In-service inspection refers to inspection after new equipment is placed in service, although these inspections are usually made during scheduled shutdowns. An inservice inspection program will significantly improve reliability and safety of operation, and increase productivity and profitability by preventing unscheduled shutdowns for emergency repairs.
Pressure vessels can deteriorate during normal operation and periods of process upset due to:
1. Internal and external corrosion.
2. Thermal aging of material.
3. Mechanical and thermal fatigue.
4. Stress corrosion (environmental) cracking.
5. Internal erosion.
6. Hydrogen attack.
7. Hydrogen blistering.
8. Creep and stress-rupture.
Materials for the construction of pressure vessels are selected to minimize deterioration during service (see Section 500), but their actual performance is not always exactly as predicted. Consequently, a well planned in-service inspection program is necessary to assure reliable and safe operation.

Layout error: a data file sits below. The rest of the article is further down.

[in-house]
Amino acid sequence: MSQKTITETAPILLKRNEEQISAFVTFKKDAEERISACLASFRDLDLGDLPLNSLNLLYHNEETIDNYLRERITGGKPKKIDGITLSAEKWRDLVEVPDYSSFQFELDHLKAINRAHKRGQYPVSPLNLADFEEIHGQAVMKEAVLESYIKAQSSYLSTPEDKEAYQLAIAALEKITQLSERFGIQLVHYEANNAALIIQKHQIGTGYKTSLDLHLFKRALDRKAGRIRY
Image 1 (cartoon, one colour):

All of the above forms of deterioration will not necessarily occur with each vessel. The inspection program for a vessel should be established to detect only those forms of deterioration that may occur during normal operation or process upsets. The specific forms of deterioration that the in-service inspection program covers should be determined by experienced pressure vessel and materials engineers, with regard to the process environment and service conditions.
Nondestructive examination (NDE) techniques can detect most forms of deterioration, and these techniques can be carried out at an early stage to permit continued operation until repair or replacement can be scheduled. Therefore, in-service inspection will prevent most equipment failures that cause unscheduled shutdowns for repairs and interrupt production.
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